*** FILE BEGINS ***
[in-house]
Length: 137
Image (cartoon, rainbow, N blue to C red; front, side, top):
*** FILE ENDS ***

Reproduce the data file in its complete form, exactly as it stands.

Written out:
[in-house]
Length: 137
Image (cartoon, rainbow, N blue to C red; front, side, top):